I have some priceless memories of my grandmother teaching me to hand stitch quilt pieces when I was a girl. I've been intrigued and inspired by women who have the ability to create beauty out of simple fabric ever since.
With that in mind, you can imagine how excited I was when my mother-in-law gave me a sewing machine last Christmas. Excited...and completely overwhelmed. So overwhelmed, in fact, that I didn't touch my machine for the first 6 months that I owned it.
One day last summer, I got fed up with my whimpy-ness and decided to do something about it. With the help of some very patient friends, I managed to make this nursing cover:
Finally, one random day in November, I got an amazing idea: a stroke of genius. I decided that I would make dolls for Avery and Charlie for Christmas. Dolls like my Great-grandmother made for me when I was a little girl...sweet, pretty, handmade dolls.
What better way to learn to sew than by making something that your children could enjoy for years to come, right?
I could just picture Avery ripping open the wrapping paper to reveal her lovingly hand-made doll. Her big brown eyes would well up with tears, she would wrap her sweet little arms around my neck and whisper, "Oh thank you, Mothah... It's the loveliest doll I've ever seen. I am the luckiest girl in the whole, wide, world."
It was going to be awesome.
I wasn't quite sure how I was going to make the dolls happen, but they were definitely happening.
I found Bit of Whimsy Dolls on etsy - the dolls were adorable and just perfect for my little guys, and each pattern came with step by step directions.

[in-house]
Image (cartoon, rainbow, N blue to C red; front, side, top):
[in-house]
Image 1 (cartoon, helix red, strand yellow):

I took my doll patterns, my tiny sewing machine, and my delusions of grandeur to Craft Club for some tutorage from my more experienced girlfriends.
That night, I made half of a doll.
In 5 hours.
If you're doing the math, that's some seriously slow sewing.
Some seriously slow, seriously pitiful sewing.
In fact, I'm pretty sure that I ripped more seams than I actually sewed that night.
My doll looked like Flat Stanley after a fight with Edward Scissorhands.
Not pretty and definitely not whimsical.
I took my little Mutant doll and went home feeling a little tired and slightly disillusioned.
That's when I realized that my expectations may have been a little high.
But here's the deal: If there's one thing I am it's stubborn.
The dolls were happening.
They may be horribly disfigured, but the dolls were happening. Period.
So I tried again.
It started to get a little easier.
Until I got to the legs.
Then the doll looked like this for a week.
That's when I started to think that maybe the dolls weren't happening.
It took a pep talk or two from friends, but eventually, I got back to work.
After way longer than any doll in history was ever taken to create, Avery's doll turned out like this:
After I finished Avery's doll, I started feeling confident... and if I'm honest, pretty darn proud of myself.
But pride goes before the fall, people...and I have the photo to prove it.
What I do know is that jamming a needle through your finger hurts.
Thankfully, my pal Scooby Doo helped me avoid hemmoraging to death.
I have to say, the image of my finger with the needle going in one side and out the other is one that I may carry with me to the grave.
It haunts me.
Dispite my horrifying needle experience, I managed to finish Charlie's doll just in time for Christmas (I told you I was stubborn).
Giving Avery her doll turned out to be a little different than I thought it would be. It went something like this:
"Oh. My Doll. She has bony tails (a.k.a. pony tails)".
Then she put it down.
That's right, SHE PUT IT DOWN.
And went on playing with her other toys.
Isn't that just about right?
I did manage to get a picture of her pretending to love it for the camera. She named it "Princess Daisy" and insisted on wearing her own "bony tail" for the photo session.
He hugs and pats his baby regularly and with vigor.
A fact that makes stabbing my finger almost worth it.
Thankfully, making the dress was much easier than making the doll itself.
Could I have bought a doll and saved myself a lot of blood, sweat, and tears?
But I did it.
I may do it again, too.
In like 20 years.